POLITICS

Deferred Action Applications Fall to Lowest Levels in January

POMPANO BEACH, FL - OCTOBER 25:  (L-R) Frida Ulloa, Felipe Mato and Raul Gil and others hold a sign reading, " Education Not Deportation"' as they stand in front of the Broward Transitional Center on October 25, 2011 in Pompano Beach, Florida.  The group was protesting the possible deportation of Shamir Ali, a 25-year-old born in Bangladesh, who they say would be a candidate for the DREAM Act if it was made into a federal law. The DREAM Act bill would provide legal status to some undocumented young people.  (Photo by Joe Raedle/Getty Images)

POMPANO BEACH, FL - OCTOBER 25: (L-R) Frida Ulloa, Felipe Mato and Raul Gil and others hold a sign reading, " Education Not Deportation"' as they stand in front of the Broward Transitional Center on October 25, 2011 in Pompano Beach, Florida. The group was protesting the possible deportation of Shamir Ali, a 25-year-old born in Bangladesh, who they say would be a candidate for the DREAM Act if it was made into a federal law. The DREAM Act bill would provide legal status to some undocumented young people. (Photo by Joe Raedle/Getty Images)  (2011 Getty Images)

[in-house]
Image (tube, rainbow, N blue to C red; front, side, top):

Since the Obama administration kicked in a reprieve from deportation in August, the number of undocumented immigrants who are applying for it has been declining, said a Wall Street Journal story, citing the Department of Homeland Security.

Slightly more than 30,000 immigrants applied in January, the lowest monthly total since the program began, the newspaper reported. Some 15,000 applied by the middle of February, a huge change when compared with the 113,000 applications the agency received in October, the newspaper said.

Experts speculate that the anticipation that Congress will pass a comprehensive immigration reform bill that would, among other things, offer millions of undocumented immigrants a path to legalization may have lessened the sense of urgency to apply for the reprieve.

Another factor in the drop, experts believe, is the $500 application fee for the program, called Deferred Action for Childhood Arrivals, or DACA.

Immigration experts estimate that slightly more than one million undocumented immigrants could be eligible for DACA, which gives a two-year stay from deportation, a work permit and a Social Security number to people who meet a strict set of criteria. That criteria include coming to the United States before the age of 16, having no criminal record, be attending high school or having a high school diploma, among other things.

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In all, more than 400,000 people had applied for the program by the middle of February, the Journal reported; about half of them received approval.

"We saw a rush of applicants who stepped forward with all their documents in order," the Journal quoted Emily Creighton, a staff attorney with the American Immigration Council, as saying. But "there are many more who are still afraid to come out of the shadows or who lack access to legal resources."

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